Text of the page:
For many of us, navigating information on COVID-19 is increasingly difficult as the pandemic – and the science behind the pandemic – evolves over time and as the information available grows. With so much information at our fingertips, it can be hard to work out what’s real, and what’s not.

We asked some leading Waterloo experts to help sort through some common misinformation and myths on the pandemic and give us the latest facts. Our experts cover issues from transmission of the virus, the side effects of vaccination and the legalities of vaccine mandates.

Profile photo of Dr. Zahid Butt in a grey suit with purple tie

The responses below are provided by Dr. Zahid Butt, a physician, epidemiologist, and assistant professor in the School of Public Health Sciences. His research focuses on the prevention and control of infectious diseases, especially in the context of marginalization and social disparities.  


Myth: Children and young people do not contract or spread COVID-19. 

Fact: A person of any age group can contract or spread COVID-19 infection. Younger age does not protect against COVID-19 infection and children and younger people can spread COVID-19. We have seen multiple outbreaks among children in school settings as well as establishments and workplaces where younger people were working. The only way to protect yourself from COVID-19 is to follow public health guidelines such as physical distancing, wearing masks, frequent hand sanitization and getting vaccinated.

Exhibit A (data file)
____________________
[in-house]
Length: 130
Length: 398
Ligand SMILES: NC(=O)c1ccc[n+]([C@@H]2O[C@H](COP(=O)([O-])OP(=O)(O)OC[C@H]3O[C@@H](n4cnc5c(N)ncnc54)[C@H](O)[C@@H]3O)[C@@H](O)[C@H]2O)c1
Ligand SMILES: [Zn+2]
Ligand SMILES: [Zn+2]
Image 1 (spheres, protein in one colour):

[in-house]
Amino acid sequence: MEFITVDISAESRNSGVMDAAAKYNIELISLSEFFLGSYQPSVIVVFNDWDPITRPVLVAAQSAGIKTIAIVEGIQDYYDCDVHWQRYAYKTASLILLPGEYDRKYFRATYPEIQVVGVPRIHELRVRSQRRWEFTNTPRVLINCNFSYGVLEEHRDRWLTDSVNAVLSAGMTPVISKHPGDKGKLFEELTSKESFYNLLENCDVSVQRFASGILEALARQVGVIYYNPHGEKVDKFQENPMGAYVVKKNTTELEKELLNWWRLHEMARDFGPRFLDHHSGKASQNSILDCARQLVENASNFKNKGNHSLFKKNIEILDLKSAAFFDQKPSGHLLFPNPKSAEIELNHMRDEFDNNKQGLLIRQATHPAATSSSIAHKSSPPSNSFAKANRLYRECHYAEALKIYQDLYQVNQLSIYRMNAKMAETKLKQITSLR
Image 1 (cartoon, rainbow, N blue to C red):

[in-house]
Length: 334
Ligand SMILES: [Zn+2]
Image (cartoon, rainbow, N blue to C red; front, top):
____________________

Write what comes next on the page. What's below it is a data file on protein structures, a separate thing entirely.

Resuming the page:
Myth: Natural immunity is better than immunity provided by vaccines.  

Fact: Currently, there has been very limited research that documents whether natural immunity against COVID-19 provides better immunity than vaccines. Given the limited evidence about natural immunity against COVID-19 and the fact that contracting COVID-19 can lead to serious consequences such as severe disease and death, it is not advisable to contract COVID-19 to acquire natural immunity. In addition, COVID-19 infection may also lead to developing long COVID-19 which is a long-term serious consequence of COVID-19 infection. 

Portrait photo of Kelly Grindrod in a black shirt and silver necklace.

The responses below are provided by Kelly Grindrod, an associate professor at Waterloo’s School of Pharmacy and a licensed pharmacist. Grindrod has spearheaded mass vaccination efforts in the Region. Her research focuses on using digital technologies to improve how we manage medications. 


Myth: The side effects of the COVID-19 vaccine are worse than the virus. 

Fact: No, a new study published in the New England Journal of Medicine highlighted that the BioNTech-Pfizer mRNA vaccine is much safer than a COVID infection. The study looked at data for over 1.7 million Israelis, including over 880,000 who had received the vaccine. Researchers found that for every 100,000 people who had tested positive for COVID, 166 developed an arrhythmia, 125 developed kidney failure, 62 had a blood clot in the lung, 43 had a peripheral blood clot (e.g., lower leg), 25 had a heart attack, and 8 had a bleed in the brain. The vaccine was not associated with any of these effects. We have also been paying close attention to the risk of heart inflammation (myocarditis) with the vaccine after initial reports of this rare side effects, especially in teen boys and young men. This study found that people infected with COVID were over three times more likely to have myocarditis compared to the vaccine. Finally, for every 100,000 people vaccinated, rare side effects included 78 people with swollen lymph nodes, 16 with shingles, and 5 with appendicitis.

Myth: Vaccines impact fertility.